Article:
Now we know why these skills are important, how can we learn to consistently model self-regulation skills? First, let’s note that not all emotional dysregulation looks like fit throwing. According to Psych Central, it can also look like crying spells, binge eating, self-harm, and poor frustration tolerance. When we notice these symptoms in ourselves or our children it is important to move in the direction of regaining control of the emotions and responding appropriately.

Becoming dysregulated is a limbic system reaction. Calming yourself with sensory input can be a great first step when feeling dysregulated. Ideas for sensory input include a tight hug, petting a pet, holding ice cubes, or listening to calming music.

Grounding techniques can also be very helpful in bringing a dysregulated person back to the present. Grounding techniques look like identifying things outside of you in the moment (five things you see, four things you hear, three things you feel or touch, two things you smell, and one thing you taste.) Using all five senses can have a quick calming effect.

Once the work has been done to calm the initial reaction, take time to acknowledge what the feeling really is. Maybe it is anger, or maybe it is frustration, jealousy, disappointment, or fear.

The next step is to identify that actions can be taken to move through this moment. If you’re helping your child manage these emotions, you might also have to help them identify the natural consequences that could come with decisions they make.

If you have a child who is struggling with emotional regulation the best place to start is by ensuring you’re modeling healthy regulation skills yourself. It is always okay to seek professional assistance if you feel it is needed for you or your child.

By Brooke Skipper, MSW, LCSW, Youth First, Inc.

If you have a perfectionist child, you most likely already know it. You’ve witnessed the crying episodes, self-doubt, and meltdowns. Perfectionist children set unrealistic goals and then place enormous pressure on themselves to reach those goals.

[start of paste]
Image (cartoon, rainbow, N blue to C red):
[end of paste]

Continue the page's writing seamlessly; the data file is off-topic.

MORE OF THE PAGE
While it’s good for kids to hold high expectations of themselves, those seeking perfection will never be satisfied with their performance. To a perfectionist child, a 99% on a test is often a failure.

Additional warning signs of a child with perfectionist tendencies can include high anxiety surrounding failure, trouble making decisions or procrastinating to avoid tasks, or difficulty completing tasks because the work is “never good enough.” You may also notice that your child is overly self-critical, self-conscious, and easily embarrassed.

Perfectionist children seek our reassurance constantly, but this is only a band-aid. It does not necessarily change their all-or-nothing thinking. When we meet our child’s feelings of anxiety, frustration, and failure by saying “You’re okay,” or “It will be fine,” it creates a disconnect between their emotions and our response.

Perfectionist children genuinely do not feel they are okay or that it will be fine. A more helpful response is to meet our child where they are and connect with the emotion they are presenting. You can do this by helping them label the emotion they are feeling. Say something like, “I can see you are feeling anxious about making a mistake.”

Other steps we can use to help change our child’s perfectionist thinking include the following:

Make a point to monitor our own expectations for our child. Are we fueling their perfectionist tendencies by setting unrealistic goals?

  1. Praise the effort instead of the outcome. When we focus on the process rather than the result, we help our children build grit and perseverance. This can look as simple as saying, “I love seeing you practicing your math problems,” instead of, “Great job getting an A on your math test!”
  2. Universalize making mistakes and model healthy ways to handle them. Is your own inner voice too critical? Acknowledging our own mistakes to our children goes a long way in helping them feel less pressure to be perfect.
  3. Teach healthy coping skills. Although failure is uncomfortable, it’s not intolerable. Teach your child how to deal with disappointment, rejection, and mistakes in a healthy way. Talking to a friend, writing in a journal, or drawing a picture are just a few coping skills that could help them deal with their feelings.
  4. Whether your child is melting down on the athletic field after a missed play or spending hours critiquing their image, the all-or-nothing thinking of perfectionism can be damaging to their quality of life.

Perfectionists may be at a higher risk for depression, anxiety, and low self-esteem. Paying attention to your child’s behavior and supporting them through their perfectionist thinking is a helpful way to ensure a strong and healthy future.